How dare you?” The woman shot at Daro’Vasora, who stared at her in an almost trace-like fixation. Everything seemed to be coming back in focus, and she felt an irrational sense of shame, as if she owed these people something better than she was. The Khajiit glanced away for a moment when a movement caught her eye followed by a sharp, immediate pain that flooded her consciousness. Blood trickled down between her eyes and her snout; the woman had thrown a brick, which lay upon the cobblestone at her feet..
“They should shoot you in the street, you bitch!” The woman screamed, tears were streaming down her son’s face. A guard stood between them and Daro’Vasora, cutting off her view, and she was moving again with a push.
“A real hero of the people, it would seem.” Zaveed remarked coldy.
The blood just ran down her face.
The day was going well enough. No Khajiit tailing him, no Dwemer putting him in cuffs, it was almost like the whole thing was a world away. At least for now, but nobody said he had to be back any time before curfew, so he would milk all he could from this. Currently, he was browsing the bazaar for anything he could get for Sora. She had the lead on him, two gifts from her versus his nothing. He just couldn’t have that now, he smiled.
He had already picked out a black dress that looked good enough for her in his eyes. How she would see it was a different question, but he would worry about that after. As he approached one of the vendors hawking different teas, wondering if he could find one that Sora would like, a group of children scurried last him. He caught himself from tripping and looked after their quickly disappearing backs in the crowd. It was then he noticed a bit of a commotion forming. He squinted his eyes to try to get a better look, but when that was fruitless, he took the first steps closer to the yelling mob.
They seemed riled, angry, hateful. Was this a protest? From over the top of some of heads in the crowd, he saw a troupe of guards escorting somebody through the street. He followed as best he could, slipping through the crowd until a feeling of dreaded, horrifying recognition caught his heart in a death grip. “Oh my Gods.”
Latro was then pushing through the crowds, shoving angrily and frenzied. He wanted to call out to her, but what use was it? That was the woman he loved, fur matted and caked with rotten food and blood. If the scene wasn’t all too real and happening before his eyes so helplessly, he would’ve been furious. He would’ve cut through this crowd wholesale and visited bloody violence on everything between him and Sora, animal, woman, man, child. As cruel and unlike him as it was, it called to mind a burning hatred he hadn’t felt in so long.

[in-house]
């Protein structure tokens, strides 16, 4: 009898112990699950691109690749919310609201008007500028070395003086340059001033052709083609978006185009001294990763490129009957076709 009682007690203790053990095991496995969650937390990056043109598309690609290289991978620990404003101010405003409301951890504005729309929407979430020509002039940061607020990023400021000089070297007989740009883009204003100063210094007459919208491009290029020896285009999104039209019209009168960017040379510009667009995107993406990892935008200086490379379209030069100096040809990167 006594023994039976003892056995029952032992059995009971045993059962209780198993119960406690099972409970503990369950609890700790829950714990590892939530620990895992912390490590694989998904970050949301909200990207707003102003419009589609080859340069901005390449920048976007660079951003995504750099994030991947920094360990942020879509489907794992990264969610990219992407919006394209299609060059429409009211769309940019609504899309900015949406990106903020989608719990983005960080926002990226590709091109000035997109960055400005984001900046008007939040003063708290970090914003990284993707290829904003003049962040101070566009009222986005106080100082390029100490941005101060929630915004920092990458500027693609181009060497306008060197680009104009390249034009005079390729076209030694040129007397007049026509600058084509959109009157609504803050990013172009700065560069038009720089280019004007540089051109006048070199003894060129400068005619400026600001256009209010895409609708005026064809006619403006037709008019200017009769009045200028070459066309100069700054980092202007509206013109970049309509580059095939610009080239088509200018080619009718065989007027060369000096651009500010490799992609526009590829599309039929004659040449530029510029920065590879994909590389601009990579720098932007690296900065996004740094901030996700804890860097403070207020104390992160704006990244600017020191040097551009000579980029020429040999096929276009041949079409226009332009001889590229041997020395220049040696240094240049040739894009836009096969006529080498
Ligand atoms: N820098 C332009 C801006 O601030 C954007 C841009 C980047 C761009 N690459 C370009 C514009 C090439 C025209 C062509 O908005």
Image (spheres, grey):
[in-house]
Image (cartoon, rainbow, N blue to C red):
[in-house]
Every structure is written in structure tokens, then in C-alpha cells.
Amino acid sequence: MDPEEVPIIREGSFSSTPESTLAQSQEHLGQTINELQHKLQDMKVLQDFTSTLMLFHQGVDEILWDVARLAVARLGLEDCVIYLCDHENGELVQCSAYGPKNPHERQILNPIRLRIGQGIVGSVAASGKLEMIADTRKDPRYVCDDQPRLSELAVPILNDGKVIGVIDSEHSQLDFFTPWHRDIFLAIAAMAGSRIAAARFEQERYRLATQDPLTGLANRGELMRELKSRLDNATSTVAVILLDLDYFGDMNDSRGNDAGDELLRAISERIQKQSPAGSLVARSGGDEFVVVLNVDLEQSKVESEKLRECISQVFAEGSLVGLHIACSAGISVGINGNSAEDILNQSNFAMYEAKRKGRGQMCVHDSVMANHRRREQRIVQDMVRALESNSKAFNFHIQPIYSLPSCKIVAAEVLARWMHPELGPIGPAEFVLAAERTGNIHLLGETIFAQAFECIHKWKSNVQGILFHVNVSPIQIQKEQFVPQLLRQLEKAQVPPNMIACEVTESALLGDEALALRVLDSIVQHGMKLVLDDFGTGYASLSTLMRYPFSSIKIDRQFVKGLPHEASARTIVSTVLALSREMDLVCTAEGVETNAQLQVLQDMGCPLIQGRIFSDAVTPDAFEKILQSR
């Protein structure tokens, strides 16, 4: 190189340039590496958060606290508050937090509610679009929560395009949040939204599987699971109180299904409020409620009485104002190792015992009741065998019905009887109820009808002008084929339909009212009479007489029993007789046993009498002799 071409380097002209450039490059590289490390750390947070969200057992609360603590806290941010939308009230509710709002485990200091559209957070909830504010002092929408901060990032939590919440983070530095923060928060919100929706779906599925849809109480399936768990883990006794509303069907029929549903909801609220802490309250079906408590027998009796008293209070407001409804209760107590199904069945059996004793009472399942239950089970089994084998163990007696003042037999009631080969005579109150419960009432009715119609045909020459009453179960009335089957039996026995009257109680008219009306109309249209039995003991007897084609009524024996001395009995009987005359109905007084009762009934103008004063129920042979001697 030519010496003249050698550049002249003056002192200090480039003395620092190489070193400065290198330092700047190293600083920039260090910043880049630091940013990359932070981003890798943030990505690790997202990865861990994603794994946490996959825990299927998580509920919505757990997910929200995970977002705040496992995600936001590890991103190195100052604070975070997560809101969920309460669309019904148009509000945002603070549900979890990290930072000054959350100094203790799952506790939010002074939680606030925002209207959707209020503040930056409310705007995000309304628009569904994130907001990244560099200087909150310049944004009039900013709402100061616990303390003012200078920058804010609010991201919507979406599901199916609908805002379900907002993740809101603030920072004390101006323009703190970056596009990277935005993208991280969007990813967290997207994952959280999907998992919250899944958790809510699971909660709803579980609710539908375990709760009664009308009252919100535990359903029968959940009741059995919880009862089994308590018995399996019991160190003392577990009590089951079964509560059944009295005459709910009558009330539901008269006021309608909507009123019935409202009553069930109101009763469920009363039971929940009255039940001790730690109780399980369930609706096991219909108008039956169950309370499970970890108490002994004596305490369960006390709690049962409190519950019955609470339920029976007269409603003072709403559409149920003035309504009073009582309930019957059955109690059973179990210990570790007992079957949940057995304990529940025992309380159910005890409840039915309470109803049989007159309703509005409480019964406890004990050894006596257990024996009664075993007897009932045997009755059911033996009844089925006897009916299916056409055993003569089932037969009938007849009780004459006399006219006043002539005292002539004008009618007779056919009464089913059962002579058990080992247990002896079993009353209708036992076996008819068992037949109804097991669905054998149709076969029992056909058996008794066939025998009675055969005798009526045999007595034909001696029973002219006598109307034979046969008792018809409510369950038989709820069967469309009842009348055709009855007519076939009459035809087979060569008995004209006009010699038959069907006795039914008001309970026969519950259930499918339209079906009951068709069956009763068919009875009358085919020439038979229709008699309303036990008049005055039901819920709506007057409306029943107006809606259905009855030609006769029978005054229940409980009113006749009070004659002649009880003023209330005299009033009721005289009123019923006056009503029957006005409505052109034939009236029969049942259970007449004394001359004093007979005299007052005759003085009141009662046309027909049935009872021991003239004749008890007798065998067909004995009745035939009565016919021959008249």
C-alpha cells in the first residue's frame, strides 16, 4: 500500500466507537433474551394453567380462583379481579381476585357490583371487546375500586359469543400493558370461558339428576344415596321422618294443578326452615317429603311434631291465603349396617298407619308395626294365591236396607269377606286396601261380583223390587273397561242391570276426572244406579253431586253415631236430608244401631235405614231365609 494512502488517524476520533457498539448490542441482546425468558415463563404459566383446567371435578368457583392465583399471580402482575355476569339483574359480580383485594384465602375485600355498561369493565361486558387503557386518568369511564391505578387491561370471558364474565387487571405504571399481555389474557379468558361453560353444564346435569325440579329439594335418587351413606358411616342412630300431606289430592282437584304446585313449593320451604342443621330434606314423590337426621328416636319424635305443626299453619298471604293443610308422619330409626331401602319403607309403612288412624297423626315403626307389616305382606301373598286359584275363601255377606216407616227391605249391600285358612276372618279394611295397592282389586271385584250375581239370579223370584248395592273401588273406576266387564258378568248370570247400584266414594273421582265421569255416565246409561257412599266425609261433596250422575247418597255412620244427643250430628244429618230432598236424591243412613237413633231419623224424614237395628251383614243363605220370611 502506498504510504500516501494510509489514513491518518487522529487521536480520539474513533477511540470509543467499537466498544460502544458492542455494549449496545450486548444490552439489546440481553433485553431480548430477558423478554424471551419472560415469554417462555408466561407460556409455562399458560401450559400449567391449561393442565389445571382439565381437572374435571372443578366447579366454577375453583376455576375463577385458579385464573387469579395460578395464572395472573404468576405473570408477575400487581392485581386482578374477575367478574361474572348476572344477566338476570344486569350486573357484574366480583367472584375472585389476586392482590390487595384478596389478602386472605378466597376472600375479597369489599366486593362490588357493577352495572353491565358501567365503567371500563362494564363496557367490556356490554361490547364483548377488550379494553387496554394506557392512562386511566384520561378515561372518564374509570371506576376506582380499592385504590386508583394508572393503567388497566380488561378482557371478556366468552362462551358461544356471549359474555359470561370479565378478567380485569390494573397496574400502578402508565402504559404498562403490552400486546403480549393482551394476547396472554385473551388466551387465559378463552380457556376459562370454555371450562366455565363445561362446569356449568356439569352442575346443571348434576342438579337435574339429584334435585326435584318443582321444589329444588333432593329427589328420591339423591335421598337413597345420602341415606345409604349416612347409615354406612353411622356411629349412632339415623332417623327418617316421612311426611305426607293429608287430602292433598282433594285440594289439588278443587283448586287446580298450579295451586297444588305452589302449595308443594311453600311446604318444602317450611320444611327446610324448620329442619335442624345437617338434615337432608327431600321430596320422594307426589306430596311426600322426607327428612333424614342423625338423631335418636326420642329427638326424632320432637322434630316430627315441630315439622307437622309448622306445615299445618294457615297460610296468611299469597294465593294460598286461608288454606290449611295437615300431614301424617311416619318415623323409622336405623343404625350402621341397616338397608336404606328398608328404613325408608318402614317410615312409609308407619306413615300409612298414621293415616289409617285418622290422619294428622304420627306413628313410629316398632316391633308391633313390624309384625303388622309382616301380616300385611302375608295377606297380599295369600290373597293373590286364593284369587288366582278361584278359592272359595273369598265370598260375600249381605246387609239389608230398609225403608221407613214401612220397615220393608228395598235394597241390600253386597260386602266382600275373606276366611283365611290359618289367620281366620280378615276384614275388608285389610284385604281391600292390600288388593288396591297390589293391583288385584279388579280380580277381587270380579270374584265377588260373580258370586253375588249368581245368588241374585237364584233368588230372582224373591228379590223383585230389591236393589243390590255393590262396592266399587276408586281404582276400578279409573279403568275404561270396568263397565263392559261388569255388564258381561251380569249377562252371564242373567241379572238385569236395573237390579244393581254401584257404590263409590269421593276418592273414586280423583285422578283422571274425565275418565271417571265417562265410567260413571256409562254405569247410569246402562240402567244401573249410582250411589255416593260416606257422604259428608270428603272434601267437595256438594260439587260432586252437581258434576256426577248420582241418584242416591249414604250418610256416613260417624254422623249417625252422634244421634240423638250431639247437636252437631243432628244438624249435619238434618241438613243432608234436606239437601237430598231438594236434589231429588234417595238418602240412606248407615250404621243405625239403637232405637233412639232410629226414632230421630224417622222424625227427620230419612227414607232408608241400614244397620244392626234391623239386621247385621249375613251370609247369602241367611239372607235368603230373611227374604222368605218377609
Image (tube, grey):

Finally, behind her was another Khajiit. A wicked looking cat with remorseless eyes. With evil in his eyes. Sevari’s words about his brother echoed in his mind and he found himself gripping the hilt of his sword hard enough to tremble under the tension. The Khajiit looked into the crowd and they locked eyes. Latro held his gaze, wondering just how quickly he could get to him and bury this fucking sword in his chest.
Someone apart from the crowd seemed to be moving against the ebbs and flow of the majority that caught Zaveed’s eye; a Breton face with enraged, passionate eyes stared him down with an intensity unmatched by even the most enraged of the crowd. Zaveed grinned at him and offered a wink.
“It would seem that someone doesn’t seem to share the enthusiasm for your fate as the others.” He mentioned to Daro’Vasora, taking his eyes off of Latro for a few moments to look at Daro’Vasora. “Tell me my dear, do you know him?” he asked, gently grabbing Daro’Vasora by the chin and forcing her to face in Latro’s direction. The look of shock that crossed her features was enough to tell Zaveed who this likely was.
“Ah, Sevari’s plaything. Marvelous. I had hoped to speak with him, but it looks like he is past that sort of pleasantries, would you not agree?” Zaveed asked Daro’Vasora, who starred at Latro, knowing full well what Zaveed was capable of doing to people she cared about.”GO! RUN, NOW!”
she screamed towards Latro as Zaveed grabbed her, drawing a pistol and holding it to her temple. There was no point in pleasantries at this juncture.
“Latro, was it? Why don’t you step out here, center stage. The audience would love to see their star performer make his entrance.” Zaveed called, the pistol clicked, the receiver glowing with soul gem essence. “Do it, or the girl dies.”
The crowd stopped around him, their eyes boring into the porcelain-pale skin among their swarthy selves. There was a palpable tension in the crowds and some looked set on throwing rocks at him now. A piece of him wanted them to. Eyes always locked on Zaveed’s, he stepped out of the crowd and breathed slow. The tingling numbness of a mage armor spell crawled across his skin as he regarded the Khajiit. “Your brother told me about you.” Latro spoke, voice flat and eyes blazing.
“Hopefully it was about my handsome looks and predisposition to getting exactly what I want.” Zaveed replied, appraising Latro with a quick scan up and down with his ice-blue eyes. “So tell me, Latro, what do you plan on doing? Are you quicker than a twitch of my finger, or do you think the crowd will stand by and idly let it happen? How about my diligent Dwemer companions, who are none too happy about the deaths that have been inflicted on their own? Do you feel talented enough to cross the space between yourself and myself without being gunned down, held down by a good samaritan, or killing your paramour? Think swiftly, because I have an appointment to attend to, and I loathe to be late.”